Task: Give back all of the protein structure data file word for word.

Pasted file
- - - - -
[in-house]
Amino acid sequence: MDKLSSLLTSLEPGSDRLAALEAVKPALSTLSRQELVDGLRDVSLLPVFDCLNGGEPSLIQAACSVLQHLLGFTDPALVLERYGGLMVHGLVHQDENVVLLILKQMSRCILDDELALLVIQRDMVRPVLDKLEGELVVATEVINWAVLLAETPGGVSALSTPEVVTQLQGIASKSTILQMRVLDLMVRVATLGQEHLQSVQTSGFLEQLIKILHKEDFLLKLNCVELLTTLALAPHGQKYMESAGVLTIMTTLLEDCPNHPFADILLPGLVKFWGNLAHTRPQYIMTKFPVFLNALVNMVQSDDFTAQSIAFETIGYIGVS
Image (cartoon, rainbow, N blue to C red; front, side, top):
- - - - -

[in-house]
Amino acid sequence: MDKLSSLLTSLEPGSDRLAALEAVKPALSTLSRQELVDGLRDVSLLPVFDCLNGGEPSLIQAACSVLQHLLGFTDPALVLERYGGLMVHGLVHQDENVVLLILKQMSRCILDDELALLVIQRDMVRPVLDKLEGELVVATEVINWAVLLAETPGGVSALSTPEVVTQLQGIASKSTILQMRVLDLMVRVATLGQEHLQSVQTSGFLEQLIKILHKEDFLLKLNCVELLTTLALAPHGQKYMESAGVLTIMTTLLEDCPNHPFADILLPGLVKFWGNLAHTRPQYIMTKFPVFLNALVNMVQSDDFTAQSIAFETIGYIGVS
Image (cartoon, rainbow, N blue to C red; front, side, top):